Internet Domain Seizures Blocked by Kentucky Appeals Court
January 20, 2009 - The Kentucky Court of Appeals issued a ruling today prohibiting the seizure of 141 Internet domain names by the state.
In a 2-to-1 majority opinion, the court ruled for the Interactive Media Entertainment and Gaming Association (iMEGA) in its suit against Judge Thomas D. Wingate (No. 2008-CA-002000-OA), by blocking the seizure orders issued by the Franklin (KY) circuit court judge for the domain names, all related to Internet gambling (Commonwealth of Kentucky, Franklin Circuit Court, Division II, 08-CI-1409).
Judge Michelle M. Keller, in her majority opinion, found that Internet domain names for online gambling Web sites were not illegal “gambling devices” by Kentucky law, as had been claimed by attorneys representing the Commonwealth, in their attempt to seize control of the names from their owners. Judge Keller stated that while the Kentucky legislature could have chosen to include Internet domain names in its gambling devices law, it had not, therefore the Commonwealth could not rightfully proceed with its forfeiture action.
“[I]t stretches credulity to conclude that a series of numbers, or Internet address, can be said to constitute a “machine or any mechanical or other device…designed and manufactured primarily for use in connection with gambling,” Judge Keller wrote. “We are thus convinced that the trial court clearly erred in concluding that the domain names can be construed to be gambling devices.”
Judge Jeff S. Taylor, also writing for the majority, added that the Commonwealth could not seek a civil forfeiture based on a criminal statute when there had been no criminal proceeding. Since there had been no criminal proceeding or conviction against any of the Internet domain name owners, the Commonwealth could not take control of their property.
Judge Micheal Caperton, in his dissenting opinion, wrote that the Internet domain names were one part of a larger mechanism for gambling, which included computers and Internet service, and thus, in his opinion, met the definition of a “gambling device” under Kentucky law.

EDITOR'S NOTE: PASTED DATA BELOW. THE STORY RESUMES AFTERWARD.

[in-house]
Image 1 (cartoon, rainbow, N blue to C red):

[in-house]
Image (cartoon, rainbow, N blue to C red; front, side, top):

“This decision confirms why we went the way we did with suit ,” said Jon L. Fleischaker, attorney for iMEGA and managing partner at Dinsmore & Shohl in Louisville, KY. “We knew when we brought this to the Court of Appeals, that we would get justice for iMEGA and the domain names in Kentucky.”
Fleischaker had argued in a December 12, 2008 hearing before the Court of Appeals that the Internet domain names were no more than “billboards” for the Web sites, and not mechanisms for gambling. Fleischaker had also argued that the Commonwealth’s attorneys could not try to fashion a civil law remedy with a criminal statue to justify the seizure of the domain names.
“We are very happy with the court’s ruling today,” said Joe Brennan Jr., chairman of iMEGA, an Internet trade association in Washington, DC. “The judges clearly agreed with our interpretation of the law, and thankfully, this reverses what would have been a terrible precedent for our country and the Internet.”
The Court in its decision declined to review additional arguments submitted by the Interactive Gaming Council (IGC) and attorneys representing Sportsbook.com, also seeking to have the domain name seizures blocked.